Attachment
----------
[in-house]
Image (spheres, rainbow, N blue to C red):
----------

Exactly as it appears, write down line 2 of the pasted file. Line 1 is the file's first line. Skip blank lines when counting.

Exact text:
Image (spheres, rainbow, N blue to C red):